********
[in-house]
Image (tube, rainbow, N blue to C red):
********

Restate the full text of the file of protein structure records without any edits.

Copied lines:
[in-house]
Image (tube, rainbow, N blue to C red):